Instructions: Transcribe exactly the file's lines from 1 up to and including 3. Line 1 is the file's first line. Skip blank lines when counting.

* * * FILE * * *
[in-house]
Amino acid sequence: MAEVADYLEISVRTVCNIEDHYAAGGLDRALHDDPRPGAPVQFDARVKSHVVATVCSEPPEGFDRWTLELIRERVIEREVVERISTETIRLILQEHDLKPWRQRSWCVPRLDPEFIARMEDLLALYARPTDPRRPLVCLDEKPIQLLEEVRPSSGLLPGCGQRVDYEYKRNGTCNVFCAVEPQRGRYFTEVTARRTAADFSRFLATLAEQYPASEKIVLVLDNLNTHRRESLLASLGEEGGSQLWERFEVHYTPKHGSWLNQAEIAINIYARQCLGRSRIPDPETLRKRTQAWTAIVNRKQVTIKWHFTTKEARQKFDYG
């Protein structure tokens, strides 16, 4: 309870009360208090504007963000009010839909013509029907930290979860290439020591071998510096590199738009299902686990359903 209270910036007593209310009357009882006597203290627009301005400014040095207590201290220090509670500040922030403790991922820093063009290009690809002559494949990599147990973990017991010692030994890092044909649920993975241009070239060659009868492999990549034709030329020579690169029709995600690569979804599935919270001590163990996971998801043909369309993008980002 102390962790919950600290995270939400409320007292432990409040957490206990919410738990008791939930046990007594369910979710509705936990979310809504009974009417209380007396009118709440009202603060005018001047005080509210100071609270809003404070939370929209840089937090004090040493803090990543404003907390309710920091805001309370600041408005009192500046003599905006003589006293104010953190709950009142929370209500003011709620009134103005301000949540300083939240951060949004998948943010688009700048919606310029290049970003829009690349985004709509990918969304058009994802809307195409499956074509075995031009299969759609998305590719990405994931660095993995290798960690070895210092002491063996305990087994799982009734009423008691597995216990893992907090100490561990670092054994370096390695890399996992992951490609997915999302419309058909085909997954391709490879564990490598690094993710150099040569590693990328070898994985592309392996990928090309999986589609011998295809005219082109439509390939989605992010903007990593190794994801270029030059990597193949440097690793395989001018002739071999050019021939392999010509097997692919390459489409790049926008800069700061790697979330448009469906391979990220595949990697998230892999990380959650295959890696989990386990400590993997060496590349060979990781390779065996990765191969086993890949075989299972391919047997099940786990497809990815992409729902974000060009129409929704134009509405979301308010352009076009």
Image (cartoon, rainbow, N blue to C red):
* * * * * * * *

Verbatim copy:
[in-house]
Amino acid sequence: MAEVADYLEISVRTVCNIEDHYAAGGLDRALHDDPRPGAPVQFDARVKSHVVATVCSEPPEGFDRWTLELIRERVIEREVVERISTETIRLILQEHDLKPWRQRSWCVPRLDPEFIARMEDLLALYARPTDPRRPLVCLDEKPIQLLEEVRPSSGLLPGCGQRVDYEYKRNGTCNVFCAVEPQRGRYFTEVTARRTAADFSRFLATLAEQYPASEKIVLVLDNLNTHRRESLLASLGEEGGSQLWERFEVHYTPKHGSWLNQAEIAINIYARQCLGRSRIPDPETLRKRTQAWTAIVNRKQVTIKWHFTTKEARQKFDYG
């Protein structure tokens, strides 16, 4: 309870009360208090504007963000009010839909013509029907930290979860290439020591071998510096590199738009299902686990359903 209270910036007593209310009357009882006597203290627009301005400014040095207590201290220090509670500040922030403790991922820093063009290009690809002559494949990599147990973990017991010692030994890092044909649920993975241009070239060659009868492999990549034709030329020579690169029709995600690569979804599935919270001590163990996971998801043909369309993008980002 102390962790919950600290995270939400409320007292432990409040957490206990919410738990008791939930046990007594369910979710509705936990979310809504009974009417209380007396009118709440009202603060005018001047005080509210100071609270809003404070939370929209840089937090004090040493803090990543404003907390309710920091805001309370600041408005009192500046003599905006003589006293104010953190709950009142929370209500003011709620009134103005301000949540300083939240951060949004998948943010688009700048919606310029290049970003829009690349985004709509990918969304058009994802809307195409499956074509075995031009299969759609998305590719990405994931660095993995290798960690070895210092002491063996305990087994799982009734009423008691597995216990893992907090100490561990670092054994370096390695890399996992992951490609997915999302419309058909085909997954391709490879564990490598690094993710150099040569590693990328070898994985592309392996990928090309999986589609011998295809005219082109439509390939989605992010903007990593190794994801270029030059990597193949440097690793395989001018002739071999050019021939392999010509097997692919390459489409790049926008800069700061790697979330448009469906391979990220595949990697998230892999990380959650295959890696989990386990400590993997060496590349060979990781390779065996990765191969086993890949075989299972391919047997099940786990497809990815992409729902974000060009129409929704134009509405979301308010352009076009």